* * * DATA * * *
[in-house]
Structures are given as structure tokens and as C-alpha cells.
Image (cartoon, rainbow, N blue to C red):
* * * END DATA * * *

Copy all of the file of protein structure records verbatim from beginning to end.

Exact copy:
[in-house]
Structures are given as structure tokens and as C-alpha cells.
Image (cartoon, rainbow, N blue to C red):